It’s an issue any time you’re not drinking enough water, but dehydration is even more of a problem when you work at a surface mine. The temperatures are often hot, climates can get humid and you’ll often be out in those elements performing laborious task; three factors that combine to exacerbate your level of dehydration and the symptoms that come with it.
What are the effects of dehydration, and how can you ensure that you’re staying properly hydrated while you work? Here are the facts on dehydration and how you can learn to stay safe with a training manual by the Mine Safety and Health Administration (MSHA).
Dehydration in Surface Miners
For surface miners, dehydration often combines with high temperatures and a heavy workload to result in heat illness. In a study of heat illness among Australian surface miners, a staggering 87 percent of the 91 surface miners surveyed reported that they had one or more symptoms related to a heat illness in the last year.
The study classified heat illnesses as minor or moderate depending on how many symptoms the miners had, and it also analyzed their hydration levels. Both levels of heat illness were much more common among surface miners who were either minimally or significantly dehydrated.
The Levels of Dehydration
Although the above study used minimal dehydration and significant dehydration for its classifications, there are actually three levels of dehydration – mild, moderate and severe. Dehydration is simply when your body doesn’t have the amount of water it needs, and the level of dehydration depends on just how much water you’re missing.
Mild and Moderate Dehydration
Symptoms for mild and moderate dehydration are similar, making it difficult to distinguish between the two without running tests. You’ll feel thirsty and could have a dry mouth. You won’t urinate as much because your body will want to keep the fluids it has, and when you do urinate, it will have a darker yellow color than normal.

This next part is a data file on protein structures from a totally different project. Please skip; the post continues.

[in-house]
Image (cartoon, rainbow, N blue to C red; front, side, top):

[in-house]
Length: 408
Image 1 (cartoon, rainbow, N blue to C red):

Your skin will dry out and be cool to the touch. Headaches and muscle cramps are also common. Keep in mind that none of these symptoms are guaranteed, and if you’re dehydrated, you could have some of these symptoms or all of them.
Many of the symptoms of severe dehydration are the same as those with mild and moderate dehydration, except they’re even more severe. Your skin could get even dryer and your urine may be an even darker shade of yellow. Symptoms unique to severe dehydration include your heartrate and breathing becoming more rapid. You may find yourself confused, easily annoyed and drained. Fainting can also occur.
Common Dehydration Symptoms in Surface Miners
Surface miners tend to have specific symptoms when they’re dehydrated and suffering from heat illness. Being aware of these can help you identify the issue more quickly. Fatigue was the most common symptom surface miners had, followed closely by headaches. After that, it was a high body temperature and muscle cramps.
Staying Hydrated While You Work
The cause of dehydration is simple, as it’s all about the amount of water you drink. If you drink enough water, you won’t get dehydrated.
The challenge when you work on a surface mine is remembering to take a moment to drink some water. It’s easy to keep working, and then only take a few sips on your lunch, but this can have serious repercussions. Heat illness isn’t just an inconvenience; it can also cause seizures and other major problems.
Since you’re constantly exerting yourself and sweating while you do so, you’re going to lose much more water than the average person. This means you also need to consume more water. The smart thing to do is to drink from a large water bottle throughout the day and don’t wait until you get thirsty to drink.
You can learn more about staying safe while working on a surface mine, along with all the rules and regulations, in the MSHA New Miner Training package. The MSHA New Miner training package includes your required compliance training, and you must finish four hours of it before you even start working on a surface mine. Check it out to learn everything you need to know and start your job on the right foot.